Where is God when bad things happen? (Third and final part in a series.)
- Two weeks ago, we talked about mass shootings and other evil: “The message of Christ’s resurrection is that, come the worst this world can deliver, this world is not the end of the story.”
- Last week, we talked about how to make peace with God when we are angry about the evil that touches our lives: “Christ found his way to peace with God despite the evil that befell him; so can you and I.”
- This week, we get to the hard question: how there can there be evil in the first place if God is all-powerful, made the world, and is good? Isn’t it all God’s fault?
Remember in the movie City Slickers? That scene where Jack Palance reveals to Billy Crystal the secret of life, only he doesn’t reveal anything? “It’s one thing.” “What thing?” “That’s what you’ve got to figure out.” Answers to life’s hard questions are like that: regardless of what someone tells you, it’s meaningless until you find the way there yourself. Today’s posting is about my journey and some of the answers I found. The intent is only to encourage you that finding these answers is possible. I can recommend some initial approach vectors that got me partway, but in the end, you must undertake a journey of your own.
Approach #1: What we’re made for
To me, it clears God from some of the blame for making us live where evil can touch us when I remember that, according to the Bible, this isn’t really the place he designed us for.
Think about this: why does evil bother us so much? Tragedy is an everyday part of life. Why do we get so sad when people die? Death is our one certainty; why should it be such an uphill battle for us to accept it? I have read both secular and spiritual answers to these questions, and I think both have value, but if you want to know whether the existence of evil disproves the Bible, you have to focus on the spiritual side.
The Bible says we were designed to live somewhere else. All we had to do was turn away from evil, but we messed it up. Aren’t we just paying for Adam & Eve’s original sin? Nope, we’re no better. We brought this on ourselves. Think about your own life: how many of us have a life with no regrets, nothing we’ve done wrong, no act that caused pain to ourselves and others? All of that is what the Bible means by the word “sin”. If we don’t even measure up to our own standards, is it such a stretch to consider we might not measure up to God’s? I am not saying our sins one-for-one deserve our misfortunes; I know from first-hand experience that, once you’re out of the immaculate world of pure good, some very disproportionate evils become possible.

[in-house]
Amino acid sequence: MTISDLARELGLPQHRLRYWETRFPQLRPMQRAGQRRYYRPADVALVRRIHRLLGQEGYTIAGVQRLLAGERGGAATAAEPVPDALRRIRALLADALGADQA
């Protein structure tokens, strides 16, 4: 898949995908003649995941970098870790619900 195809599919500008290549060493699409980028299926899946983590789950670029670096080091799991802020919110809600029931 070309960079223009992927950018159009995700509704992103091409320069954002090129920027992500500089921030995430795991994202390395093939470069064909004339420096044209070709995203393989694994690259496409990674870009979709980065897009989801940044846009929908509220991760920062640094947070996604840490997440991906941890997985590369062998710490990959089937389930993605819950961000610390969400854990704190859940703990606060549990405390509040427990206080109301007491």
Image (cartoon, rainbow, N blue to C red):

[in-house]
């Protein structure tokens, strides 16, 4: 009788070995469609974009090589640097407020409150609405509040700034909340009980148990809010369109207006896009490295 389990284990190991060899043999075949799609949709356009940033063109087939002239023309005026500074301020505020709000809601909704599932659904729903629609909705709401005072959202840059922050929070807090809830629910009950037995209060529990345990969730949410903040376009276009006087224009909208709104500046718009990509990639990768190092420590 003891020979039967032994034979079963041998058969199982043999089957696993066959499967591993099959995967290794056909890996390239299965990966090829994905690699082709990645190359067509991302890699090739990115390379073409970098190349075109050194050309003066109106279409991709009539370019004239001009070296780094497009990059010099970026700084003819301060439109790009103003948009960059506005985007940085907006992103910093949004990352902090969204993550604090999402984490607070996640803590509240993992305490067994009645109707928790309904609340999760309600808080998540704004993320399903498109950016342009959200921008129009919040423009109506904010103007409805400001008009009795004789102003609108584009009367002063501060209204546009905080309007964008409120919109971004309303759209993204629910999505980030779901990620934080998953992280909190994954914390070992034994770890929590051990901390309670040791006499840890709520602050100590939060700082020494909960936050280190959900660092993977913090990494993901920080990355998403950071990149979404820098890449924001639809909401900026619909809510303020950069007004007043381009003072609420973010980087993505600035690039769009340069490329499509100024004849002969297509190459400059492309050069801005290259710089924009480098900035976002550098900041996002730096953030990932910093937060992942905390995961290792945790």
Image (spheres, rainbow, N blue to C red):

So, maybe a good God couldn’t (a) create us with a longing for good and then (b) send us to live in a world of evil to torture us. But that isn’t the Bible’s explanation of why we live here. To my mind, a good God could make us for a better place, but then when it was clear we had some growing up to do, he could hustle us out of there to keep it nice for when we’ve finally learned a thing or two and are ready for it. Meanwhile, he could send us to stay temporarily in a place where we’re going to get religion about why evil is so destructive, why turning away from it is so important.
Approach #2: “Sorta bad”? Or “Really bad”?
My son and I had a rocky time during his teenage years. He doesn’t remember it now, but I have been compared to a police state, martial law, and dictators from Slobodan Milošević to Mao Tse-tung. What was the problem? The two biggest issues were (1) limiting his Internet time to just two hours a day and (2) asking his employed adult brother to pay steeply discounted rent. He literally moved out the day he turned 18 in order to escape from the oppression.
A few years back, I related that story in a public park with a gentleman who called himself Rob The Atheist. Rob had suggested to me that a loving God cannot exist because, if he did, he would never allow the horrific evils of this world. But, I said, I am a loving father, yet I deliberately inflicted situations that my son found intolerable; after that I allowed him to suffer months of semi-homelessness. Could a loving father do that? “Those things,” Rob countered, “are only sorta bad. I’m talking about the really bad stuff.”
But I would submit that the difference between “sorta bad” and “really bad” is only a matter of perspective. Rob saw the things I did to my son as only “sorta bad” because he has the same perspective I do; whereas my son saw them as intolerable human rights violations, readily compared to acts of genocide. Isn’t it just possible that, from the perspective of eternity, the tragedies of this temporal world are less all-important to God than they seem from our current worm’s eye view?
Certainly scripture repeatedly makes that point:
- For now we see only a reflection in a mirror… (1 Corinthians 13:11-12)
- As the heavens are higher than the earth, so are my ways higher than your ways. (Isaiah 55:8-9)
- Do not fear those who can kill the body and afterward can do no more. (Luke 12:4)
- Blessed are those who mourn… (Matthew 5:4)
Finally, as to the contention that God, if truly all-powerful, should simply prevent evil: in the final analysis, the moment God gave us free will, by that act he voluntarily surrendered some part of his power. Thus, we have a God who says, “I take no pleasure in the death of anyone,” a Christ who laments over those he longs to gather together but cannot, who begs to bypass the cross but knows it to be impossible, and a Lord’s prayer that simply asks for a day when God’s will is done on Earth— unfettered, unclouded by sin— in the same way it is in heaven.
Until that day, both we and God will always have the same problem: that we live in a place where bad things happen, that we love what death can touch.